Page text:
Estimating forest characteristics for longleaf pine restoration using normalized remotely sensed imagery in Florida USA

John Hogland, David L.R. Affleck, Nathaniel Anderson, Carl Seielstad, Solomon Dobrowski, Jon Graham, Robert Smith

Research output: Contribution to journalArticlepeer-review

Abstract

Effective forest management is predicated on accurate information pertaining to the characteristics and condition of forests. Unfortunately, ground-based information that accurately describes the complex spatial and contextual nature of forests across broad landscapes is cost prohibitive to collect. In this case study we address technical challenges associated with estimating forest characteristics from remotely sensed data by incorporating field plot layouts specifically designed for calibrating models from such data, applying new image normalization procedures to bring images of varying spatial resolutions to a common radiometric scale, and implementing an ensemble generalized additive modeling technique. Image normalization and ensemble models provided accurate estimates of forest types, presence/absence of longleaf pine (Pinus palustris), and tree basal areas and tree densities over a large segment of the panhandle of Florida, USA. This study overcomes several of the major barriers associated with linking remotely sensed imagery with plot data to estimate key forest characteristics over large areas.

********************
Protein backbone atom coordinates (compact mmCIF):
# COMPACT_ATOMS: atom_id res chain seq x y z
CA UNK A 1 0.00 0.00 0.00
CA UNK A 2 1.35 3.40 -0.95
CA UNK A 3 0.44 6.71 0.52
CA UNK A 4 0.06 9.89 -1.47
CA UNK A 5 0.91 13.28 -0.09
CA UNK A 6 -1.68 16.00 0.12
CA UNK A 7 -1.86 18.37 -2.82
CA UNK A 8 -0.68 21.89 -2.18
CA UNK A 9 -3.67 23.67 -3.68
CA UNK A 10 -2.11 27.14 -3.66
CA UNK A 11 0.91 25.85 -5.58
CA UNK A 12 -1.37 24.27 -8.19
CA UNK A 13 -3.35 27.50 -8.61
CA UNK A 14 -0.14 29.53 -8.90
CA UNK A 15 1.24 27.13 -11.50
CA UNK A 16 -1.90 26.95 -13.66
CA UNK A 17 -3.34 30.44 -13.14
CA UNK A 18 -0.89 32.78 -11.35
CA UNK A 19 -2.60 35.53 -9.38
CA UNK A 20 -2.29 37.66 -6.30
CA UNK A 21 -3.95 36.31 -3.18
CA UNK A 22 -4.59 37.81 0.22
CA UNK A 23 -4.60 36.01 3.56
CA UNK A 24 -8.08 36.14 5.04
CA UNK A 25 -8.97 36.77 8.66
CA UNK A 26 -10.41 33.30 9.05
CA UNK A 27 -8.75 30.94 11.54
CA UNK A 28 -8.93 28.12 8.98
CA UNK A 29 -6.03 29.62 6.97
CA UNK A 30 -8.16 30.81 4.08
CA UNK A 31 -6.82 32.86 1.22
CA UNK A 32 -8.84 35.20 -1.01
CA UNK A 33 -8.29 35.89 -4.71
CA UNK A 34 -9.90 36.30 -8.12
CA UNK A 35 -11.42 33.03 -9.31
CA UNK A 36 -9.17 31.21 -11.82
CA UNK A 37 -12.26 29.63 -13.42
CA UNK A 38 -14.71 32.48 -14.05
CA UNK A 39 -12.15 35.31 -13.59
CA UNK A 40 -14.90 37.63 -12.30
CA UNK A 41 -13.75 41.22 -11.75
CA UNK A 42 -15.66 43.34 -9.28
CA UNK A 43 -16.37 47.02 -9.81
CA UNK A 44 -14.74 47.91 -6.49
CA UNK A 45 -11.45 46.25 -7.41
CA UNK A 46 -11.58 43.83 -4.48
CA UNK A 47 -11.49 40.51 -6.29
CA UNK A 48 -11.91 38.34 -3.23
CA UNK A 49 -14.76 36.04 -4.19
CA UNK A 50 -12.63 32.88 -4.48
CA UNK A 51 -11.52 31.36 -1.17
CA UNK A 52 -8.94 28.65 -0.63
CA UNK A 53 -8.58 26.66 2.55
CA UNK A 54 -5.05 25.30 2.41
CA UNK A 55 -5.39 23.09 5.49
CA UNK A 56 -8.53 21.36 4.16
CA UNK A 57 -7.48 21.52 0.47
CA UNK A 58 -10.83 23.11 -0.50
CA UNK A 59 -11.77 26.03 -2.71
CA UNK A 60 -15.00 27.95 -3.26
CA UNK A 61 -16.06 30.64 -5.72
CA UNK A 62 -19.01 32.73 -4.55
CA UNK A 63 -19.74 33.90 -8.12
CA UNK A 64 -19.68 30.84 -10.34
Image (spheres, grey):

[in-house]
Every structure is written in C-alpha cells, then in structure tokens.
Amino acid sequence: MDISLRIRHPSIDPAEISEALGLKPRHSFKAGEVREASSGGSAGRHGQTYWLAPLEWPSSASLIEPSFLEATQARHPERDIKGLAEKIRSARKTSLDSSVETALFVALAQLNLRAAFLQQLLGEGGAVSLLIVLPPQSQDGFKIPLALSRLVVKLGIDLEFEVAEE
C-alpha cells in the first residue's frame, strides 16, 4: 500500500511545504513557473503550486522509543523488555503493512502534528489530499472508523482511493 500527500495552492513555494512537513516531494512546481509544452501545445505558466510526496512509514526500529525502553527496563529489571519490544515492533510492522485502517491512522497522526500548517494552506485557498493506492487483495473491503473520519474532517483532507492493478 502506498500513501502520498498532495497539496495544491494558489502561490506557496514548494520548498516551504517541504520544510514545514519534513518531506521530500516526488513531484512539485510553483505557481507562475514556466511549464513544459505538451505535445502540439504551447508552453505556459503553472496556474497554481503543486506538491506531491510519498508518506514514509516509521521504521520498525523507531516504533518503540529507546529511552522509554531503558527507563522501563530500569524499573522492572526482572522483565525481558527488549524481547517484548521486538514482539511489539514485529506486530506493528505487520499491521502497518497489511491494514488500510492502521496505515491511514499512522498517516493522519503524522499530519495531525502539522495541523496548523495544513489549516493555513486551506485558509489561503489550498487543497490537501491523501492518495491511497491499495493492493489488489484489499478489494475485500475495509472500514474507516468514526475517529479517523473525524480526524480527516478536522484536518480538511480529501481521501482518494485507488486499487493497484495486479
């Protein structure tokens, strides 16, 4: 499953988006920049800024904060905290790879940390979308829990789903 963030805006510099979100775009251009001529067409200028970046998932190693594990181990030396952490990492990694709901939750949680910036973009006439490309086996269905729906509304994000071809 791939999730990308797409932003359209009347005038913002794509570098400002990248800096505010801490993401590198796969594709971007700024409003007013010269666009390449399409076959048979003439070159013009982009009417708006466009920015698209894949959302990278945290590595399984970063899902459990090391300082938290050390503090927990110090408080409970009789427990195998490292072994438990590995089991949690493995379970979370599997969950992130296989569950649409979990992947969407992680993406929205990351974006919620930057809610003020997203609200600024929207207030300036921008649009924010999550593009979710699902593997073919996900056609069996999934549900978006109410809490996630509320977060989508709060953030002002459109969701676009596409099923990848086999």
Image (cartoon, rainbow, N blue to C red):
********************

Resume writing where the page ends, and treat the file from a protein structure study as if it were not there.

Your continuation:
Original languageEnglish
Article number426
JournalForests
Volume11
Issue number4
DOIs
StatePublished - Apr 1 2020

Keywords

  • Ensemble generalized additive models
  • Forests
  • Longleaf
  • Relative normalization
  • Restoration

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